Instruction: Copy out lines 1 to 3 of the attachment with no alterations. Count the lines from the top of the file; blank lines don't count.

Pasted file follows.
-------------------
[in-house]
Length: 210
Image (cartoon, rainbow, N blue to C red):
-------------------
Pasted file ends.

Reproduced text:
[in-house]
Length: 210
Image (cartoon, rainbow, N blue to C red):